Blayes, Paullus's incendiary colleague, is dimly aware that things are changing around her, but her literal mind fails to grasp the situation. She is, for once, way out of her depth. Tracy Russell, of course, isn't out of her depth at all, and conveys the terrorist's mixed feelings, from frustrated panic to vengeful coldness, with the high standard of performance that she has maintained throughout the series. She manages also, against the odds, to keep the hard-as-nails Blayes a fairly sympathetic character.
I was half-expecting a showdown between Blayes and Justina in "Checkmate", as both seem to be involved with the same Security Consultant. I thought Justina was somewhat sidelined in "Taren Capel" (although her nightmares, in hindsight, take on significance), but here she seemingly fulfills her destiny. In only a few lines, Patricia Merrick is outstanding at conveying the bewildered yet compelled state-of-mind experienced by this unfortunate character. Justina's distressed confusion and the thought of what one suspects is to happen to her are equally painful. Later, in Justina's most important scene, Merrick's transcendent performance conjures up images in the mind of the listener I would have thought impossible from an audio production. Among other things, one recalls with a shiver the incident from "Occam's Razor" where Justina is left alone in the bitterly cold wind. This is one of many indications that the plotting of this series is (to borrow a phrase) as tight as a Firstmaster's arse. The production values are outstanding throughout, and this scene surpasses all others. The work of sound genius Alistair Lock, as always, also deserves special mention. Some of the sound effects he uses for this story had my hair standing on end for a week.
More prosaically, the political machinations that we know and love are present in "Checkmate". Firstmaster Landerchild has a meeting with a founding family chum, which is reminiscent of the scene in Life of Brian, "what have the Romans ever done for us?", as he struggles to extract anything but praise for Uvanov from his enthusiastic colleague, a part nicely played by Peter Halliday, known for his occasional appearances in Doctor Who and his many other roles in a career that has spanned five decades. Peter Miles' performance as Landerchild is an understated masterpiece. He makes his character suitably unpleasant, yet (very faintly) endearing, and we are never allowed to forget that Landerchild has a bitter, personal grudge against the lower-class but more successful Uvanov. I hope Miles likes playing creepy authoritarian characters as much as we relish listening to his faultless performances.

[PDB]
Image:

Firstmaster Chairholder Uvanov is on his best form, bawling out abusive remarks about Landerchild even before the opening theme. No-one else could roll out Uvanov's favourite swear word as ferociously as Russell Hunter. It really is a thrill to hear this veteran performer reprise the part of Uvanov once more, and Hunter clearly enjoyed the role. His portrayal of Uvanov's grim satisfaction at having his longstanding paranoia justified is particularly delightful. When forced to defend his behaviour to his peers, Uvanov expertly manipulates the Company Board members en masse. His address to the Board is so strongly delivered by Hunter that it wrenches the attention of the listener away from the utterly unguessable conclusion to the other plot which is beckoning irresistibly around the next corner.
Iago, by this time, has developed and implemented an approach to the robot problem which is both simple and ingenious. In the process he has a very unevenly matched confrontation with a News Producer - a good performance from MJTV's Mark J. Thompson who proceeds very credibly from unwise bravado to quivering panic. This scene also contains a wonderful moment with newsreader Danl Packard who is, of course, played by Doctor Who icon Nicholas Courtney. While there is a lot more to this actor than the Brigadier, this is probably what most of us know him as, and it's pleasing to hear him play a character that breaks out of the mould, where he is able to loosen his stiff upper lip.